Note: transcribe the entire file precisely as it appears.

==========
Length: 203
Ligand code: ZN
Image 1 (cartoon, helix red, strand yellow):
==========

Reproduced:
Length: 203
Ligand code: ZN
Image 1 (cartoon, helix red, strand yellow):